Contents
[hide]

* 1 Concept and basic models
o 1.1 The "Eight-Ball" model
o 1.2 Matrix schemes
* 2 Connection to multi-level marketing
* 3 Connection to Franchise Fraud
* 4 Notable recent cases
o 4.1 Internet
o 4.2 Others
* 5 In popular culture
* 6 See also
* 7 References
* 8 External links

[edit] Concept and basic models
This article may contain original research. Please improve it by verifying the claims made and adding references. Statements consisting only of original research may be removed. More details may be available on the talk page. (February 2009)

A successful pyramid scheme combines a fake yet seemingly credible business with a simple-to-understand yet sophisticated-sounding money-making formula which is used for profit. The essential idea is that a "con artist" Mr. X, makes only one payment. To start earning, Mr. X has to recruit others like him who will also make one payment each. Mr. X gets paid out of receipts from those new recruits. They then go on to recruit others. As each new recruit makes a payment, Mr. X gets a cut. He is thus promised exponential benefits as the "business" expands.

Such "businesses" seldom involve sales of real products or services to which a monetary value might be easily attached. However, sometimes the "payment" itself may be a non-cash valuable. To enhance credibility, most such scams are well equipped with fake referrals, testimonials, and information. The flaw is that there is no end benefit. The money simply travels up the chain. Only the originator (sometimes called the "pharaoh") and a very few at the top levels of the pyramid make significant amounts of money. The amounts dwindle steeply down the pyramid slopes. Individuals at the bottom of the pyramid (those who subscribed to the plan, but were not able to recruit any followers themselves) end up with a deficit.
[edit] The "Eight-Ball" model

Many pyramids are more sophisticated than the simple model. These recognize that recruiting a large number of others into a scheme can be difficult so a seemingly simpler model is used. In this model each person must recruit two others, but the ease of achieving this is offset because the depth required to recoup any money also increases. The scheme requires a person to recruit two others, who must each recruit two others, who must each recruit two others.
The "eight-ball" model contains a total of fifteen members. Note that unlike in the picture, the triangular setup in the cue game of eight-ball corresponds to an arithmetic progression 1 + 2 + 3 + 4 + 5 = 15. The pyramid scheme in the picture in contrast is a geometric progression 1 + 2 + 4 + 8 = 15.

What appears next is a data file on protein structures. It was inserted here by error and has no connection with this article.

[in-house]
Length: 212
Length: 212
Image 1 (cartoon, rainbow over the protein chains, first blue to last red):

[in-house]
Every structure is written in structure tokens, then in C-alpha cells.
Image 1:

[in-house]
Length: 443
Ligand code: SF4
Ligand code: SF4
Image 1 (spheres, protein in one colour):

Prior instances of this scheme have been called the "Airplane Game" and the four tiers labelled as "captain," "co-pilot," "crew," and "passenger" to denote a person's level. Another instance was called the "Original Dinner Party" which labelled the tiers as "dessert," "main course," "side salad," and "appetizer." A person on the "dessert" course is the one at the top of the tree. Another variant, "Treasure Traders," variously used gemology terms such as "polishers," "stone cutters," etc. or gems like "rubies," "sapphires," "diamonds," etc.

Such schemes may try to downplay their pyramid nature by referring to themselves as "gifting circles" with money being "gifted." Popular schemes such as the "Women Empowering Women"[24] do exactly this.

Whichever euphemism is used, there are 15 total people in four tiers (1 + 2 + 4 + 8) in the scheme - with the Airplane Game as the example, the person at the top of this tree is the "captain," the two below are "co-pilots," the four below are "crew," and the bottom eight joiners are the "passengers."

The eight passengers must each pay (or "gift") a sum (e.g. $1000) to join the scheme. This sum (e.g. $8000) goes to the captain who leaves, with everyone remaining moving up one tier. There are now two new captains so the group splits in two with each group requiring eight new passengers. A person who joins the scheme as a passenger will not see a return until they advance through the crew and co-pilot tiers and exit the scheme as a captain. Therefore, the participants in the bottom 3 tiers of the pyramid lose their money if the scheme collapses.